Worker Engagement a Key Driver of ESG

ESG initiatives and worker engagement go hand in hand.

Environmental, social, and governance (ESG) criteria are a set of requirements for a company’s behaviour that are used to assess investments by socially concerned investors. These criteria also play an important role in determining how a company’s good corporate citizenry conduct is viewed by a wide range of stakeholders.

More specifically, environmental criteria assess how a corporation protects the environment, such as a corporate policy addressing climate change. Social criteria look at how the company maintains connections with its workers, suppliers, consumers, and the communities in which it works. Governance is concerned with the leadership of a corporation, executive remuneration, audits, internal controls, and shareholder rights.

New Generations Bring New Expectations

By the end of the decade, 72% of the global workforce will consist of Millennials and Gen Z. These generations place a far greater emphasis on environmental and social issues than any of their predecessors in the workplace ever did – thereby ramping up expectations on companies to take a positive stance on these matters.

A company’s ESG performance will increasingly become a competitive advantage in the field of talent retention and attraction. In particular, this generation of socially conscious employees wants to see action by its employer on the following issues:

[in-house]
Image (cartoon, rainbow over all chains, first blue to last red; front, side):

• Protection of biodiversity
  • Climate change
  • Extreme weather
  • Human-made environmental disasters
  • Natural disasters

It’s also highly likely that aside from global challenges, as listed above, there will be growing expectations from employees that companies need to positively impact the communities in which they operate.

ESG and Worker Engagement

High levels of interaction with all stakeholders, particularly workers, are encouraged by effective ESG practises. When a firm implements ESG practises that focus on social and environmental good, it drives both worker engagement and loyalty, which contributes to overall workplace success and productivity.

Worker relationships (supplier contacts and linkages, customer service, and participation with the local and global community) are critical to ESG sustainability. As a result, from an ESG standpoint, the primary stakeholders for every firm are its workers. This is evidenced by the fact that employers with the highest ESG ratings perform 14% better in terms of worker satisfaction and are 25% more appealing to potential workers than the average.

Building Worker Engagement via ESG

The concept of ESG means different things to different companies. For some companies the use of renewable and sustainable energy resources is critical while other organisations will prioritise worker safety, health and overall well-being as part of their ESG programmes.

Where companies would like to direct their focus and how they approach programmes is often unique, based on the goals of the organisation, and dictated by their specific operating environments.

Companies can kick start their worker engagement around ESG by adopting some of the following approaches, which will help them flesh out their ESG engagement frameworks:

  • Leverage existing communication channels to provide workers with content around ESG principles already adopted by the company or principles you intend to adopt.